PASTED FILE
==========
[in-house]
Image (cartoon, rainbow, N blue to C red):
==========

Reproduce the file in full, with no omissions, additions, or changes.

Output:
[in-house]
Image (cartoon, rainbow, N blue to C red):